Sugar = Sucrose
You’re probably aware of the health concerns surrounding sugar consumption, but if not, no problem. Experts believe that sugar consumption is a major cause of obesity and many chronic diseases, such as diabetes, and can also cause inflammation in the body. Artificial sweeteners are just one type of sugar substitute, the others being novel sweeteners, sugar alcohols, and natural sweeteners.
Artificial sweeteners are an appealing alternative to sugar for those of us who are making an effort to lose weight. By replacing sugar with an artificial sweetener, one can effectively reduce their calories while maintaining sweetness in their coffee/tea, soda, or treat. The American Heart Association issued a statement concluding that “when used judiciously, NNS (non-nutritive sweeteners) could facilitate reductions in added sugar intake, thereby resulting in decreased total energy and weight loss/weight control, and promoting beneficial effects on related metabolic parameters.” But at the same time, there were insufficient data to determine this conclusively. Check out that source here.
Perfect – nice and confusing. That stuff sounds good for the most part. Why have sugar substitutes, specifically artificial sweeteners, been scrutinized?
Well, there’s more to artificial sweeteners than their effect on weight, which is what the above paragraph was all about. For a little background, the FDA has only permitted the following high-intensity sweeteners (synonymous for artificial sweetener) for use in food in the United States:
Many different types of artificial sweeteners exist, but not all are approved for use everywhere in the world.
Now let’s get into the plausible (but not scientifically proven) concerns surrounding the ingestion of artificial sweeteners. Our body and brain respond to them in a complex way, causing the potential risks and the issues behind them:
By replacing sugar with artificial sweeteners, we fool ourselves into believing it’s okay to indulge in other unhealthy foods. Basically, we are replacing lost calories through other sources, offsetting any weight loss or health benefits.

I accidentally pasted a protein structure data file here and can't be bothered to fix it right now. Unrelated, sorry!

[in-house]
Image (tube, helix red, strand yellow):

Artificial sweeteners may alter the way we taste. This is the result from our sugar receptors being overstimulated by these hyper-intense sweeteners. It can truly make eating your vegetables a difficult task (like it isn’t already one). One may find that they desire more artificially sweetened foods over healthy foods, and by continuously replacing them, a vicious cycle begins. It’s understandable how this can happen without realizing it.
They may prevent us from associating sweetness with caloric intake, causing cravings of more sugary foods.
They may be addicting
There are a host of other claims floating around out there too: cancer risks, metabolic syndrome, impaired gut health, dental health, and so on.
You can see that the issues surrounding artificial sweeteners are complex, simply by bringing attention to the varying questions and arguments within this one short post.
Do artificial sweeteners truly make a positive impact in reducing energy (calories) from our diet, which in turn can help prevent or lessen the severity of obesity, diabetes, etc?
Regardless of the issue of body weight, are artificial sweeteners truly safe for long-term human consumption? Or can they lead to some nasty consequences that have not yet been studied or recognized?
Optimize your Health
If you’re trying to optimize your health, this issue can be severely overwhelming from numerous aspects. Sifting through the abundance of (mis)information available on the internet, to now being aware of your food labels and seeing how much artificial sweeteners may actually be included. There is and isn’t a one-size-fits-all answer – and I doubt you’ll be satisfied with it. It’s one that those of you interested in nutrition or healthy lifestyle have heard a million times: moderation is key. Limiting added sugars is an important strategy for supporting optimal nutrition and healthy weights, as concluded in the 2009 American Heart Association scientific statement “Dietary Sugars Intake and Cardiovascular Health.” By limiting added sugars, you’ll also be limiting carbohydrate intake (unless you indulge in other healthy foods!) which can help achieve glycemic control. If you plan on replacing some of your sugar with artificial sweetener substitutes, continue to be conscious of your other dietary choices, and be aware that there may be consequences to over-indulging in artificial sweeteners to satisfy that sweet tooth.
What do you think?
I highly encourage you take a look at some published readings like: Dietary Sugars Intake and Cardiovascular Health: A Scientific Statement From the American Heart Association and others like: Artificial sweeteners: sugar-free, but at what cost? Both of these resources were heavily used in the making of this post.